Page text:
China Is Facing Food-Supply Crisis, Notable Challenges to Regime’s Ambitions

The U.S.-China trade war has compounded a food shortage already in the making inside China, due to water pollution, industrial development, and more.
China Is Facing Food-Supply Crisis, Notable Challenges to Regime’s Ambitions
Chickens look for food in a cracked riverbed in Qijiang County, Chongqing City, on Aug. 26, 2006. (China Photos/Getty Images)
Chinese leader Xi Jinping recently went on an inspection tour of northeastern China, an area known as the country’s “bread basket.”
During his Sept. 25–28 visit, he said that China should become more self-reliant in its economy, from its manufacturing sector to food security.
China’s supply of agricultural goods has been affected by the trade war with the United States. Prior to the enactment of tariffs, China had to import large quantities of U.S. crops such as soybeans, sorghum, and corn in order to meet domestic demand.

Some China commentators, who have observed that China could face a potential food-shortage crisis, say that was the chief reason why Xi decided to conduct a tour of northeastern China.

However, there are notable challenges to Xi’s ambitions of self-reliance. According to the 2010 book “Water: The Epic Struggle for Wealth, Power and Civilization” by Steve Solomon, China’s average amount of freshwater available per person is one-fifth of the amount that’s available to Americans. Pollution in China has reached dangerous levels, to the point of affecting water for drinking or for crop farming.
China’s arable land accounts for less than 10 percent of the world’s total, according to the United Nations’ Food and Agriculture Organization, but it must feed a population equal to one-fifth of the world’s total.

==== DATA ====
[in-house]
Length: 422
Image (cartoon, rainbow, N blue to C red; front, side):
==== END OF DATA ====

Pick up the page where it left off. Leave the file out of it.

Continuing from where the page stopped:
Due to the demand for factories and housing, huge swathes of farmland have instead been converted to construction zones to increase local GDP growth. In 2017, China’s total arable land fell for the fourth consecutive year, according to the state Ministry of Natural Resources, dropping to 134.86 million hectares.
More than 3.33 million hectares (about 8 million acres)—an area the size of Belgium—was deemed too polluted to grow crops in a 2013 survey, according to Reuters. And as many as 10 million hectares (about 25 million acres) are contaminated by heavy metals, according to 2015 data.
Back in October 2017, some Chinese media, citing experts, reported that China’s grain demand is slated to grow to about 700 million tons in 2020, far below the roughly 554 million tons that can be produced domestically.
According to an Oct. 3 report by the Chinese newspaper World Journal, in 2006, China had a grain surplus and exported about 10 million tons. But since 2013, China had to import more than 22 million tons of cereals every year.
Amid the trade war with the United States, it is likely that China will still need to import U.S. crops and pay the tariffs—as it simply can’t meet demand on its own.
For example, with soybeans—processed primarily for use as animal feed and cooking oil—China bought a U.S. shipment of 70,000 tons worth $23 million on Aug. 13. That was the first U.S. soybean cargo subjected to China’s retaliatory tariffs, according to Reuters.
China’s state-run grain stockpiler Sinograin confirmed in a fax to Reuters that it planned to pay the tariffs, about $6 million, for the shipment.
The trade tariffs have compounded lowered domestic agricultural production due to droughts.